Eva narrowly escaped being murdered during a recent terrifying home invasion in Mexico City. She and her husband decide to relocate to Los Angeles where she can recuperate. But when her husband has to travel for business, she’s left alone in an unfamiliar place and suffering from paranoia. She’s consoled by the smart home security system, but the technology is difficult to master and she starts to wonder if it will actually keep her safe or take over her life.
MOTION DETECTED relies entirely on Natasha Esca‘s performance as Eva. Her descent into madness goes from 75 to 200 very quickly. A moment with wine is, perhaps, a touch over the top. Esca shines brightest when speaking Spanish. It’s her most natural delivery.
I understand the need for lighting, but the nighttime bedroom scenes appear overlit. That aside, the set is gorgeous. This LA mansion has all the architectural features to swoon over. Using what appear to be Ring video clips to create palpable fear is a slick device, and the subplot of trauma heightens the stakes.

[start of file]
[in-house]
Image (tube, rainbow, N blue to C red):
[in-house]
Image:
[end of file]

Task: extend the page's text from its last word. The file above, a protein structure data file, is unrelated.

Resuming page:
The film struggles with picking a storytelling lane. Eva’s PTSD and (*spoiler alert*) the haunted alarm system conflict more than they mesh. The idea that Diablo might manifest your greatest fears to lure you in needs a better narrative anchor in the film’s opening scene. Overall, the notion of tech knowing too much about us at every moment is a solid starting point. We can all relate to using some version of an AI assistant. The meat is on the bone in MOTION DETECTED, but it is a tad undercooked, in my opinion.
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